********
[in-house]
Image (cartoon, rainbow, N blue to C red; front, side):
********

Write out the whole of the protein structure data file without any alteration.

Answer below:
[in-house]
Image (cartoon, rainbow, N blue to C red; front, side):